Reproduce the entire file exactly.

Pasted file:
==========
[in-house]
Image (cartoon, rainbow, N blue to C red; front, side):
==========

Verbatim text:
[in-house]
Image (cartoon, rainbow, N blue to C red; front, side):